“Yum,” I said without thinking. “I mean, be quiet. Don’t you read my thoughts. Or Mama’s.”
The picture rolled its cut-off eyes. The irises disappeared beyond the edge of the paper and returned. I shivered watching it. You’re creepy, I thought as a test. The picture demon glared at me but said nothing.
The sun outside was already hot and gaining strength, even a quarter past six in the morning, and shone down in layers onto the baobab’s limbs in the center of the courtyard.
“What’s this?” the paper said.
“Oho,” I said cheerily, folding it up and shoving it into my trouser pocket. “Miss Smartypants doesn’t know? Miss Demon doesn’t know?”
“I’m not a demon,” Macho ya Kukatwa said, a hint of irritation showing through. “Just a kiroho. The sketcher I hear you thinking about was trying to give the pretty young Furaha city girl a demon, but he didn’t know what he was doing.”
“Clearly,” I muttered. “It’s disappointing to be haunted by a normal weak spirit. A real demon would be much more exciting.”
“I am not weak,” Macho ya Kukatwa snapped. It cleared its throat and repeated, “What’s this place?”
“It’s my home. It’s a compound,” I told her, jogging a little in the courtyard. My stomach rumbled. “We’re just outside Abuja so it’s nice and peaceful. We share it with five other families; we’re the most crowded on the block,” I said proudly. “Mama shares the kitchen with five other mamas, but she makes the best food. A family from Abuja hired her for catering, even.”
“I hear you thinking about that moi moi,” Macho ya Kukatwa said slyly.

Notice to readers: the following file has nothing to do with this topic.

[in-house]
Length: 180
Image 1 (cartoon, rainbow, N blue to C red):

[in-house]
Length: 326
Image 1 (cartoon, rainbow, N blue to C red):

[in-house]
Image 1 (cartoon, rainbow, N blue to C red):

I cleared my throat loudly and walked through the shade the baobab threw, toward the kitchen door. I could smell something delicious wafting from that door, something spiced and salty, nicely browned on one side, broiled on the other, turning slowly on the spit, dripping juices…
“Would you hurry up and just eat something?” Macho ya Kukatwa shouted suddenly from my pocket. “I can hear your stomach rumbling and your head leaking thoughts about roasted birds.”
“Mmhm,” I said, closing my eyes. “Roasted murre bird, mm. Spicy, crinkly, charbroiled over baobab wood… ”
“Gross,” the paper said. “That thing once had wings and a pumping heart and you’d dig your teeth in its flesh.”
“Mm,” I said again, pausing outside the aromatic kitchen door. “It’s an awful shame you can’t eat delicious murre bird…”
The kiroho was silent for a minute. I could almost feel it weighing decisions, honor versus hunger. I leaned against the mud walls, listening to the clatter of plates and hot pans inside, the roar of the ovens heating up, the mothers and uncles talking cheerfully. My mouth watered. Breakfast was my favorite part of the day. And today was a day free from school, a weekend. And I had a kiroho in my pocket.
“You could draw me one,” Macho ya Kukatwa then said, her voice smaller.
“Is that… a note of hope?” I said snidely. “Maybe… hunger?”
“Humph. I guess so. Just get a pencil, won’t you?”
The moi moi batch that morning wasn’t that good, but ever since then, I keep Macho ya Kukatwa taped beside my bed, next to a lead-colored murre bird roasted with garlic and suya spice. And each morning as the sun rises over Abuja, she tells me what Mama’s made for breakfast.